African nations occupy most of the bottom spots in the index. With the exception of Venezuela, the ten nations with the lowest levels of economic freedom are extremely poor countries: Zimbabwe, Angola, Myanmar, the Republic of Congo, Niger, Guinea-Bissau, Central Africa Republic, Chad, Rwanda, and Burundi. As James Gwartney, the lead author and professor of economics at Florida State University said “Weakness in the rule of law and property rights is particularly pronounced in sub-Saharan Africa, among Islamic nations, and for many nations that were part of the former Soviet bloc.”
There is an important lesson here for the Make Poverty History Campaign and the so-called Trade Justice Campaign. The former has campaigned for more government aid for poor countries. Both groups have campaigned to try to stop the forces that lead to the liberalisation of trade in poor countries. There are many unfortunate direct economic effects of aid (it can raise real exchange rates and damage export sectors for example). But an important indirect effect is that it can give greater financial power to governments and enable government officials to benefit from financial preferment. In other words, aid has effects that lead to bad governance and can undermine the rule of law and property rights. Similarly, trade regulation, quite apart from the damaging direct economic impact it has, is well known to be a major source of corruption in under-developed countries.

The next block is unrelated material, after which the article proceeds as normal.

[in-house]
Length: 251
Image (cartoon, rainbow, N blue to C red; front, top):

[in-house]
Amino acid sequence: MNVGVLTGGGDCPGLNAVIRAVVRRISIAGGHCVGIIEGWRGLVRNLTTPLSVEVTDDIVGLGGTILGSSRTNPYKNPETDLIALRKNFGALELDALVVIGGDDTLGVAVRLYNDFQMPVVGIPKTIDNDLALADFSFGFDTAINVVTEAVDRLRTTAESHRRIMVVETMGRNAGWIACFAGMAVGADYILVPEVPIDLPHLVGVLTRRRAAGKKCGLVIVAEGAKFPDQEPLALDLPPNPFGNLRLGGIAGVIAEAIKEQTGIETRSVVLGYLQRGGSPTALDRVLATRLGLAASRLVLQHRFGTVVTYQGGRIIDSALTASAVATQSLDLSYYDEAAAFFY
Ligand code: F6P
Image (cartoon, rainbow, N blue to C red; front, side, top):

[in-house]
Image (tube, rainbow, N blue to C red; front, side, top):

Neither of these observations proves that aid or trade regulation are a bad thing (though, in my view the latter is, without doubt). However, these campaigners should just pause for thought – as should the Bishops who recently marched on Parliament to support them. They should realise that, if they are wrong, the consequences could be serious. Clergy in particular have a responsibility to think carefully about all angles of political and economic subjects before they make public comments – one wonders if they always do so.